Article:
The coronavirus pandemic ripped through the heart of education. Teachers, parents and students were all deeply affected. Schools had to reimagine how they delivered learning. Parents had to find a way to fit teaching into their own work and life schedules. And research suggests that disruption to normal school life could be severely detrimental to students.
Writing for Psychology Today, Matthias Doepke and Fabrizio Zilibotti, professors at Northwestern and Yale University respectively, likened the interruption in learning to that of a summer break – citing the long-noted phenomenon of ‘summer learning loss’, where half of the knowledge gained in a school year can be lost.
And neuroscientists writing in The Lancet say that social deprivation among adolescents might have far-reaching consequences in relation to their brain development, behaviour and mental health.
It has been critical, therefore, for education to be able to continue during periods of lockdown. Distance learning through virtual classrooms has been a key contributor to minimising the negative educational impacts of lockdown for students.
“Since January, Microsoft has been working with schools and universities around the world to respond to Covid-19,” said Anthony Salcito, vice president of education at Microsoft, at this year’s Microsoft Education Transformation Summit, itself held virtually, in May.
In Italy, for example, in less than two months Microsoft helped to train over 90,000 teachers to use digital solutions through online teacher webinars.
Rapid roll-out of Microsoft Teams has enabled many academic institutions to continue teaching. “A professor at University of Bologna in Italy shared how the school moved 90 per cent of courses for its 80,000 students online to Teams within three days,” said Satya Nadella, CEO of Microsoft.
The UK government’s initiatives to facilitate and improve remote learning for students included Microsoft Showcase Schools. Three institutions held webinars to demonstrate to other schools how they could use technology and digital tools to deliver lessons online.
There has been a role for Minecraft, too. “An elementary school in Japan hosted its graduation on Minecraft, building its own virtual assembly hall and seating to maintain the sense of community and belonging so important in times like this,” continued Nadella.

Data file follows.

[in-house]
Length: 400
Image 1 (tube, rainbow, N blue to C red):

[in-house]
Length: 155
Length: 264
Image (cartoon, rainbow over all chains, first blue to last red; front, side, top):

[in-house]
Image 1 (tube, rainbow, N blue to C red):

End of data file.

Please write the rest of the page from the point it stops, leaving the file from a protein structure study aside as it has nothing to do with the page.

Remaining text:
In collaboration with Unicef and the University of Cambridge, Microsoft launched the Learning Passport to help children continue their education despite school closures. The organisations expanded the scope of the tool, originally an education aid for refugee children, so that all countries with a curriculum that can be taught online can provide education to students from their homes.
“Just as Covid-19’s impact has no borders, its solutions must not have borders, as it requires the collaboration across public and private sectors to ensure every student stays engaged and continues learning,” said Brad Smith, president of Microsoft, in an article on Microsoft.com. “Unicef’s Learning Passport is uniquely positioned as a scalable learning solution to bridge the digital learning gap for millions of students to bring their classroom into their home during the pandemic.”
The Microsoft Education Transformation Summit brought education leaders together to share ideas on how to address the impact of the coronavirus pandemic on education, but also how the large-scale disruption could accelerate transformation in the sector. Among the speakers was Stefania Giannini, assistant director general of Unesco, who discussed the work that Microsoft has been doing with the organisation and the new Global Education Coalition for Covid-19 Response – an initiative that aims to provide children with learning opportunities during this time.
“1.5 billion students were out of school because of the coronavirus,” said Giannini. “No government was actually prepared for such a disruption – we had to act differently and fast, and collaboration was the only answer.
“The Global Education Coalition is all about partnership and agility. Our main purpose is to ensure that learning must continue – learning never stops.”
Participants agreed that education will be different from now. In fact, a survey found that 61 per cent of the Microsoft Education community expect to begin the next school year in a hybrid learning environment, and Barbara Holzapfel, Microsoft general manager of education, highlighted “the continued use of digital tools for remote and hybrid learning” in a Microsoft blog after the event.
Nadella concluded: “The core priority of education reform moving forward must be to create accessible education for all. The beauty of technology is that it can facilitate activity and equity, and be helpful in accommodating the variety of ways we learn.”
This article was originally published in the Summer 2020 issue of The Record. To get future issues delivered directly to your inbox, sign up for a free subscription.
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